Lawrence is a groundbreaking contemporary artist whose work frequently deals with the relationship between listening and borders, human rights, testimony, truth and law, through the production of audio-visual installations, graphic design, sculpture, photography, workshops and performance. His work with sound and its intersection with politics originate from his background in DIY music. Abu Hamdan’s writing can be found in Forensis Sternberg press, Manifesta Journal and Cabinet Magazine. Abu Hamdan curated events at the Reitveld Academie in Amsterdam and at Batroun Projects Lebanon. He is part of the team Forensic Architecture at Goldsmiths College London where he is a PhD candidate and lecturer.
Nadia is the Founding Director and CEO of Edgeryders – a growing online community and distributed think-tank of citizen experts that combines the intense focus and rigor of consultancy with the scale, openness and democratic legitimacy of citizen consultation. Nadia has co-authored a number of books and policy publications held keynotes at national conferences on growth and economic development. She has a background in engineering and design, and she puts it to use where it matters most: architecting collaboration between diverse individuals and organisations, and inspiring them to move forward in new ways.
Holly is an acclaimed composer, musician and artist working at the leading edge of contemporary practice. As well as touring the world to perform and exhibit new work, Holly is currently candidate for doctoral study in Computer Music at Stanford University. She received her MFA in Electronic Music and Recording Media at Mills College. While at Mills she won the Elizabeth Mills Crothers award for Best Composer in 2010 for her vocal generated piece ’195′. Earlier this year she released new single Chorus. Chorus bridges multiple disciplines and spaces to blur the politic between natural and synthetic.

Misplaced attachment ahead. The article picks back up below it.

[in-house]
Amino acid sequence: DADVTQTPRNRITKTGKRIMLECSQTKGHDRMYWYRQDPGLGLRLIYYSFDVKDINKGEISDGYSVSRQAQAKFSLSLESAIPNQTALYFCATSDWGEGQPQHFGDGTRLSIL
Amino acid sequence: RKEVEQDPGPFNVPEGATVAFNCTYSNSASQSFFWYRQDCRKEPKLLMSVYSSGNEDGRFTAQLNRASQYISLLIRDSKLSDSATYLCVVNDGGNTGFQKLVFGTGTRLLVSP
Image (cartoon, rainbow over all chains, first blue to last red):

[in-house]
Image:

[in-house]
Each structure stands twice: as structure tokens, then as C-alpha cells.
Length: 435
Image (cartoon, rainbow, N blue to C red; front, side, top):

Nathan is a social media theorist, a Contributing Editor for The New Inquiry, researcher for Snapchat, co-founder and chair of the Theorizing the Web conference, and a graduate student in Sociology at the University of Maryland specialising in surveillance on social media. His research is driven most fundamentally by the understanding that we increasingly live in an “augmented reality,” a perspective that views the digital and physical as enmeshed, opposed to viewing them as distinct (what he calls “digital dualism”).
Metahaven is a studio for design and research based in Amsterdam. Metahaven’s work—both commissioned and self-directed—reflects political and social issues in graphic design objects and media. The group’s 2010 publication Uncorporate Identity investigated what the International Herald Tribune called the “purpose and value of design in a neurotic and treacherous era of geopolitical instability.” Metahaven’s projects include “Black Transparency,” a multi-year investigation into the relationship between transparency and secrecy that resulted in a series of exhibitions, talks and a forthcoming book. As part of this project, Metahaven designed a set of merchandise for WikiLeaks—scarves and t-shirts—which were sold by the organization to circumvent a financial blockade which had denied the organisation the ability to receive donations by other means. Metahaven is affiliated with the Center for Design and Geopolitics at University of California, San Diego. Its founders teach at ArtEZ Academy of Arts in Arnhem, at the Sandberg Institute in Amsterdam, and at Yale University in New Haven.
Date: Thursday 4 September 2014
Event start time: 12pm
Event end time: 6pm
Price: £20.00 full price / £10.00 concession
Venue: Brighton Dome Studio Theatre, 29 New Road, Brighton BN1 1UG
Event Hashtag: #ireality
Improving Reality is part of Lighthouse’s programme for Brighton Digital Festival 2014. Brighton Digital Festival is a month long celebration of digital culture. It is run by members of Brighton’s arts and digital communities and supported by Arts Council England and Brighton & Hove City Council.